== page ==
Jade’s Dish By Brandon C. Hovey Excerpt Number One

Jade's Dish Cover



Typically, the auto pilot guides the ship in. Proximity alarms interrupted my confidence in the automation and I disengaged it. There was an incoming rod, one hundred feet away. Primitive but a stone-cold killer of a kinetic energy projectile that would impale me, or cut me to ribbons with the shrapnel it would create, or it would just leave two big holes in my ship to asphyxiate me. I didn’t like those options. I veered to the right and turned the afterburners on to create some more distance. Hopefully, the rail gun that fired it would not fire it too soon.


This is interesting.

Looking out the canopy as I banked the ship then left, right, left, and then in a zig-zag fashion to escape whoever who had me in their kill zone. The proximity alarms were still ringing. Whoever had me in their sights was a decent gunner, or they were just lucky. I could see Thomka Station, my destination passing as the ship tumbled out of the kill zone and behind the station near one of its nodes. I armed the main gun (a 30mm railgun of my own) and activated the shield generator. It wouldn’t stop the rods, but it would slow them down just enough to not breach the fuselage, only dent it.

I diverted all power to the engines briefly. Yes, that’s risky. But in many fights distance is your friend. I should know. I’ve been doing this for a while. After getting about ten miles away I looked through the opticam and replaced my sensor readout screen with a display of who was shooting at me.

“Four fighters launching and we have a frigate that was doing the shooting.”

I wasn’t talking to myself, I was thinking aloud. No, I’m not crazy at all. I’m just somebody who needed a friendly voice to hear. And that friendly voice is mine right now. What I was up against was going to be a challenge, but doable. How? Well, first I need to explain the situation to you. After all, I get the feeling you are not from around here.

I’m hoping to get inside Thomka Station, think of it as a waypoint. It is a station where you can berth your vessel, get a decent night’s sleep in the central node and you can get a hot shower after a long run. That is if the heater is working. Thomka Station is old, cruddy, to be honest borderline derelict. The worst part is that it is defenseless. Unless you count the cheapness of the owners as a deterrent to keep sentients away.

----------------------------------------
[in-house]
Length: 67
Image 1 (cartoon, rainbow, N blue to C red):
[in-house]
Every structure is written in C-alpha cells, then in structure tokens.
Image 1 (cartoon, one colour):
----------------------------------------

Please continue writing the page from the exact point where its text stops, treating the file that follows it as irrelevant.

These pirates were bold and they likely planned this. The fighters are there to keep customers of Thomka Station at bay should any of them leave a docking node they could be dealt with. These fighters looked like an older model of interceptor made by a third-rate manufacturer. They were sleek single seaters built for speed. Speed and surprise were their only advantages over me. The surprise was no more, I knew where they were now. And they were approaching the station in an echelon formation. Whoever was leading these pirates was conservative in their approach as the fighters were merely going to orbit the station to attack only if necessary.

Their command ship, a Tyvalion Class Frigate manufactured by Eskram Shipyards on a planet which name escapes me now is a long vessel with V shaped wings on its top and bottom and a hangar at its rear for sub ships. This is a vessel that can hold around six fighters and two troop transports. The real teeth it has though are from its main gun and photon missile system. The main gun is a rail gun firing a 203-mm alloy rod that is superheated and propelled by magnetic force.

This 203-mm projectile doesn’t get stopped by shields it only gets slowed down by them when it comes to starfighters like the Blue Eclipse, I’m piloting currently. A capital ship’s supercharged shields can make those rods harmless and they turn into dust once they contact the fields. The number one risk was the frigate. The fighters were a threat though. I opened my targeting optics and aimed my missiles at the fighters. The frigate would have to contend with my own rail gun in just a moment. I had the stuff to make them tremble amongst my ammunition, but luckily, they had forgotten my presence and thought I had retired from battle.